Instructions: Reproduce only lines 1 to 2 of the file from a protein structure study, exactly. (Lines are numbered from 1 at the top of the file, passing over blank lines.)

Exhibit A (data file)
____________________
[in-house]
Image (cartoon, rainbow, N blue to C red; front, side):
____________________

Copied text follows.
[in-house]
Image (cartoon, rainbow, N blue to C red; front, side):